Blogging for The Good

Development Policy23 Feb 2010Marieke Hounjet

As a last blog on the ‘theory vs policy’ conference I thought it might be appropriate to write about the function of ‘blogging’ for improving the research and policy interface. This topic was given some serious dedication through a roundtable with well known academic bloggers. In order to wrap up the main thoughts of this debate in the typical blog style – short and accessible – I made two lists with the pro’s and ‘con’s of blogs:

The pro’s:

  • Policy staff read blogs, even on the senior level. For example, Obama is known to read tweets or blogs of A. Sullivan.
  • Daniel Drezner (Tufts University) argued that now academics can blog ‘without being ridiculed’ or damage their career.
  • Academics relate to and engage with people outside of academia. As Joseph Nye Jr. (Harvard University) said there is a strong argument to spend more time as academics to inform the public.
  • Bloggers themselves feel that it is good practice to write every day and that it enhances one’s career as it leads you to new ideas and research topics.
  • Blogs have ‘a premium on clarity and accessibility’.
  • Blogs could function as good archives for social science research, providing an ‘academic notebook’ to enrich our understanding of how ideas fit into context.
  • Academics should in Stephen Walt’s (Harvard University) words “not want the blogging world to be dominated by people that know less than us”.
  • Blogs make it more difficult for the academic to pretend that your work stands aloof from the world out there, and therefore provides an incentive to relate to it.
  • Blogs form a way for academics to retrain themselves in new forms of writing and communication that can reach more people.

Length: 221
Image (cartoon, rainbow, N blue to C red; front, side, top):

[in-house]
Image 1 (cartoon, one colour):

The con’s:

  • The institutionalisation of blogs has created barriers for new independent bloggers to start blogging.
  • Blogs can be time constraining. Some bloggers are employed full time to blog and therefore can be time consuming discussion partners.
  • The hard impact of blogs on policy is very difficult to measure.
  • There are currently no ethics, norms or principles that guide the blogging world. For example, Walt argued that there should be more transparency with regards to bloggers disclosing who is funding them and for what reasons.
  • Blogs lack a certain set of standards, especially compared to editorial pieces or peer reviewed journal articles.

In terms of comparing the evidence presented above there is plenty of room for discussion. Some might find that certain bullet points severely outweigh others, and I would completely agree with such a standpoint. I would also like to point out that the speakers were very positive about blogging and that the constructive criticism (from the con’s list) had the purpose of creating a sphere where it can be addressed. The impact of research on policy is a hard thing to measure in general and blogs do not provide the solution for that. However, a point that I take away from the conference is that many see communication as the key for better interaction between policy-makers and researchers. These interactions are yet to take place on a scale that it can have true impact, and there are understandable barriers in place. One can imagine that a policy maker would have found it difficult to justify visiting a conference for three (working) days. Hence, this is exactly the arena where blogs can make a difference, which for an author of a blog herself is quite a happy note to end on.